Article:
Diver killed by lightning strike off Deerfield coast

Great Dive Trips at Bargain Prices with the Sea Divers

[ Follow Ups ] [ Post Followup ] [ California Scuba Diving BBS ] [ FAQ ]

Posted by on July 23, 2007 at 13:46:08:

In Reply to: Diver in Florida struck by lightning posted by 167 dive beginner on July 23, 2007 at 10:38:13:

DEERFIELD BEACH - A 36-year-old man was struck and killed by lightning while diving in the Atlantic Ocean off Deerfield Beach on Sunday afternoon, authorities said.

The incident took place during an afternoon of severe thunderstorms that pelted the region, from Miami to West Palm Beach, with torrential rains, strong winds, pea-sized hail and hundreds of bolts of lightning.

At the time of the strike, at about 3 p.m., two divers were on a 20-foot boat and two were in the water, said Deerfield Beach Fire Division Chief Gary Fernaays.

When one of the divers in the water surfaced, "lighting struck his tank," Fernaays said. "He was approximately 30 feet from the boat at the time."

The man, whose name was not immediately released, went underwater again, as the other three attempted to rescue him. It took about 10 minutes for them to get the victim into the boat, Fernaays said.

During that time, they radioed Deerfield Beach Fire-Rescue for help. They then drove the boat toward shore and beached it in the 600 block of North Ocean Boulevard, Fernaays said.

"Our unit was waiting at the beach," he said. "When we saw the boat coming in, we immediately headed to that location."

The victim, who had gone into cardiac arrest, was given CPR while he was being taken North Broward Medical Center in Pompano Beach, where he was pronounced dead, authorities said.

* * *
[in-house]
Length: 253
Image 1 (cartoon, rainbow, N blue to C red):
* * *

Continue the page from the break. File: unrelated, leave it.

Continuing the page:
Lightning also struck and started a roof fire a home in the 3000 block of Green Turtle Place in Margate, according to a preliminary report. Tile were reportedly blown off roof, but no injuries reported.

The reason squally weather hit so hard on Sunday: two line of thunderstorms converged on South Florida from two different directions, said meteorologist Dan Gregoria of the National Weather Service in Miami.

"Storms developed along the Atlantic coast and started to move inland," he said. "Other storms developed out over the Everglades and moved into the metro areas as well."

East-central Broward County was hit hardest, receiving about 2 to 3 inches of rain, Gregoria said. The weather service issued an urban flood advisory, though no serious flooding was reported on Sunday, other than puddles in streets and low-lying areas.

A tornado was initially reported in the 2100 block of Northwest 29th Court Oakland Park but officials couldn't confirm that a twister actually touched down.

Even so, the weather in that area was "really bad," said Richard Tingley, a Broward Sheriff's Office communications operator who lives in that area and was delayed getting to work on Sunday afternoon by the heavy rains.

"There was a lot of rain and wind," he said. "You couldn't even see the car in front of you."

Monday's forecast: a 60 percent chance of more showers and thunderstorms.

Follow Ups:

Optional Link URL:
Optional Link Title:
Optional Image URL:
Post Background Color: White     Black
Post Area Page Width: Normal   Full
You must type in the
scrambled text key to
the right.
This is required to
help prevent spam bots
from flooding this BBS.
Text Key: